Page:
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TW, Viacom may merge book units

Congloms want bigger piece of pub pie

NEW YORK — Time Warner and Viacom are in discussions to merge their book publishing units, creating a joint venture encompassing Simon & Schuster, Warner Books and Little, Brown.

The negotiations reflects increasing consolidation among book publishers — a trend that is making life tougher for smaller players. Last year German media giant Bertelsmann, owner of Bantam Doubleday Dell, acquired Random House in a deal that doubled Bertelsmann’s U.S. market share in the adult trade area.

That left other publishers, such as News Corp.’s HarperCollins and Viacom’s Simon & Schuster, far behind. In response, HarperCollins agreed recently to buy the Hearst Book Group for an estimated $150 million-$200 million, strengthening its position in the marketplace, especially in mass market paperbacks.

Talks between Time Warner and Viacom are aimed at giving both entertainment congloms a stake in a bigger publishing entity, ensuring greater economies of scale.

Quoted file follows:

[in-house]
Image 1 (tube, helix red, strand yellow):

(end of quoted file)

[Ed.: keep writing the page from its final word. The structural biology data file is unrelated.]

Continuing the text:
In a venture in which the two would be equal partners, TW’s Time Warner Trade Publishing unit, which owns Little, Brown and Warner Books, would be wedded to Viacom’s Simon & Schuster, which includes the imprint Scribners.

Time Warner’s Book-of-the-Month Club and Time Life Books, both direct-marketing operations, are not thought to be included.

A deal is still some way off, however. Neither Viacom nor Time Warner would comment.

Merged venture would have sales of about $1.1 billion, still well behind the merged Random House-Bertelsmann but likely bigger than the newly expanded HarperCollins.

Time Warner authors include bestsellers Nelson DeMille, David Baldacci (“Absolute Power”) and Nicholas Sparks (“Message in a Bottle”). Simon & Schuster boasts Jackie Collins, Larry McMurtry and Stephen King.

Viacom sold all but its Simon & Schuster consumer publishing businesses to Pearson for $4.6 billion last year, dramatically reducing the size of the company. Viacom’s 1997 publishing revenues were $2.47 billion, whereas the remaining consumer publishing unit’s sales last year were $565 million. This year it is expected to generate revenues of $598 million, according to a report by Nationsbanc Montgomery Securities earlier this year.

Time Warner does not break out financial details for its book publishing unit, but J.P. Morgan analyst Matt Harrigan estimated last year that the trade books division would generate revenues of $488 million in 1999.

Bertelsmann execs said last year that the company would have revenues of about $1.5 billion after its acquisition of Random House.

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